Monday, August 14, 2017

Book Review: Dear Mona Lisa by Claire Davis and Al Stewart

Title: Dear Mona Lisa
Author: Claire Davis and Al Stewart
Published: 12th August, 2017
Categories: Literary fiction, LGBT+, romantic and family themes
Purchase Links: Amazon UKAmazon.com

Blurb:
Tom, shy office clerk by day and drawer of foxes by night wakes up one Monday knowing the most extraordinary week of his life is about to begin. In five days time a lifelong ‘secret’ will be made gloriously public—but will it mean losing the person he loves most?

Getting married…

It seems like only yesterday Tom changed nappies and sang nursery rhymes to a laughing baby. He relishes the demands of being a daddy; especially teaching his little girl to draw and paint as she grows up. But the years tick by and times change. Long-buried secrets must come to the surface which may test even the strongest ties.

Tom and Lawrence…

He writes a list of all the things he has to do before the weekend and sticks it in the middle of his wall. The names and goals hang like threads of a spider’s web, inevitably leading to the centre, and all to the same place.

Dear Mona Lisa…

How to explain?
Each morning he notes the colours of dawn, listens to the birds and waits for the perfect moment. In one hand rests the balance of life and a terrible responsibility, in the other a wedding ring. Difficult days and the past loom, but his friends rally round and one by one the words come to life. Everyone waits as Tom finds the strength to open up and set free the secrets of his heart in a celebration of family, friendship and love. A quirky story of modern life, set within the breathtaking landscape of Bradford.

Review:
Reading Dear Mona Lisa was a bittersweet privilege for me, bitter only because I had to wait to read this one like everyone else! For the curious, the story began from a Beaten Track call for submissions for a collection of stories featuring older LGBT+ characters, but you know how it is (or maybe you don't...). Stories take on a life of their own, and forcing Tom and Loz to fit the submission criteria would have been an unmitigated act of butchery.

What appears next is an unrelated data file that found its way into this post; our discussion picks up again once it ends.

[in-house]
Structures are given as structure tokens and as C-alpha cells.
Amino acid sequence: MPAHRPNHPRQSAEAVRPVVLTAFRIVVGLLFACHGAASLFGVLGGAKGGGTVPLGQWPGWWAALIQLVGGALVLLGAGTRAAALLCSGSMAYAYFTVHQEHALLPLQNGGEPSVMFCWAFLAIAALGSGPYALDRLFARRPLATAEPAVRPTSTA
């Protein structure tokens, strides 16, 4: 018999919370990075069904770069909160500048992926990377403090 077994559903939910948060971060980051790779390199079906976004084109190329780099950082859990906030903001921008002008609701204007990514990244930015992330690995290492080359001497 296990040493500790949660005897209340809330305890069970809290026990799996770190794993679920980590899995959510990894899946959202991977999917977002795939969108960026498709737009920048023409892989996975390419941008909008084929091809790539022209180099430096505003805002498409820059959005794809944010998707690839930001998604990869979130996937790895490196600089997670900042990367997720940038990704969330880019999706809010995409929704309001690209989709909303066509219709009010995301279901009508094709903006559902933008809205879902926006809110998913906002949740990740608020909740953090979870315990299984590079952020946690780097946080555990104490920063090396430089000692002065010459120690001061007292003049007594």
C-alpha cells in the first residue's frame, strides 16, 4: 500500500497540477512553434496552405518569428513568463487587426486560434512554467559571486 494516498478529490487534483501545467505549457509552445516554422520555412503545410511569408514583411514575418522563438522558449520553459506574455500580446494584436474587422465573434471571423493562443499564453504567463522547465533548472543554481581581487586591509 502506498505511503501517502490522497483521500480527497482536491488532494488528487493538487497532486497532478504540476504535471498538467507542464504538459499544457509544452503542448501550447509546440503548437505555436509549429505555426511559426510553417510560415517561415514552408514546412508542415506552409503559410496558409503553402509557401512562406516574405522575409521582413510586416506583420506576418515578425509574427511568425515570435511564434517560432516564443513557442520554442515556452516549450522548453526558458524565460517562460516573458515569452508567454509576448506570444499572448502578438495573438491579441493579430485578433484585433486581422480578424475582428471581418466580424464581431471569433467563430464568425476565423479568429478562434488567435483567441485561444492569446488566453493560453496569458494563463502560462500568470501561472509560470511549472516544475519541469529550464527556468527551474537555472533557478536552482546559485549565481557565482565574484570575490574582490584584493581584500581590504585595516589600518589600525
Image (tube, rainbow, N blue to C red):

I have no words to describe Dear Mona Lisa, or none that are good enough. It's not a romance as such, but there are strong romantic elements. Those familiar with Claire Davis and Al Stewart's work will find the usual mix of down-to-earth Britishness - the dry humour, the wonderfully colourful supporting characters, and a deeply emotional exploration of the fight some of us have to maintain the stiff upper lip our culture is famed for. Oh, and foxes. And colour - it's absolutely bursting with colour.

Dear Mona Lisa is a work of art. It's a painting in words, and like you probably wouldn't pick out a specific detail of a portrait ('ooh, look at her left nostril, all dark and...mysterious!'), it wouldn't be especially helpful to pick out the detail here to illustrate what a masterpiece this is. That said, there is one line that knocked me sideways, possibly a spoiler, so I'm saying nowt.